Mr Rankin's Rebus stories blend the misanthropy of Taggart with the pub yarns of Mr Irvine Welsh. Edinburgh is viewed as a tough, pretty city with an unsightly underbelly: a paunch of crime. On television, Mr Rankin's vision is softened slightly, and the capital becomes, once again, a city of hairdressers and rich folk with interesting French windows. Mr Stott gets to wear the paunch.
There were, I am sorry to report, some awful scenes, most notably the one in which Rebus impressed a lady friend by breaking into the stadium of Hibernian FC and turning the floodlights on as she stood in the centre circle. The lady, played by the delightful Ms Sharon Small, was then required to utter the line: "Rebus - if you ever dreamed of scoring at Easter Road, dream no more."
I was confused, too, as to why Rebus, while standing in Rutland Square, would demand a car to take him to the Oxford Bar. Even if this was a walk of more than 100 yards, the traffic restrictions in Edinburgh are of such complexity that the drive would have taken him halfway to Harthill.
And, yes, the piper from The Advocates was still there, wheezing away.

Tuesday, January 03, 2006

Professor Niall Ferguson Should Purchase A Mirror Before Asserting That Scotland Is Boring, Self-Absorbed And Educationally Sub-Normal

There is - with the possible exception of yesterday's bannocks - nothing as distasteful as an expatriate Scotsman denigrating his homeland from foreign shores. Mr Niall Ferguson, the intellectual Smallweed (and Laurence A. Tisch Professor of History at Harvard University), used the columns of the Sunday Telegraph to berate Scotland for, among other things, its "superiority complex". We must conclude that Mr Ferguson, despite his obvious vanity, does not possess a mirror.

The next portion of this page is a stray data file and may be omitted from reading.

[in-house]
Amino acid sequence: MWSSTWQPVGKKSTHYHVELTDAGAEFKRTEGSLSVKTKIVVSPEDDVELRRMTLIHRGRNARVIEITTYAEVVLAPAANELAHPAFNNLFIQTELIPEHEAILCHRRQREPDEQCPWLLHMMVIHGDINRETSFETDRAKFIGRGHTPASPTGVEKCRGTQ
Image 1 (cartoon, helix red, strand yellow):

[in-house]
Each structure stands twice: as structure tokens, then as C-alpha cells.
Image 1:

But, still, his claims deserve examination.
First of all, he asserts that - on leaving Scotland for the spires of English academia in the early years of Thatcherism - he wittered on endlessly about the superiority of Scottish education, Scottish law, Scottish rugby, Scottish water, Scottish tweed, Scottish holidays. "I quoted Burns. I quoted Carlyle. I quoted the statistics that showed that Scottish regiments were the ones that did the real fighting in the First World War."
So, he was a bore.
But is it right to attribute this quality to the country he left behind? He then makes eight peculiar assertions, which are included here, in italics.
1. Scotland is a small, sparsely populated appendage of England. Those who called it 'North Britain' in the 18th century had it right.
Certainly, Scotland is attached to England, and some of it is sparsely populated. But if it is an appendage of England, shouldn't it be called "North England"? To assert that it is North Britain introduces the notion of Britishness, which is another thing entirely.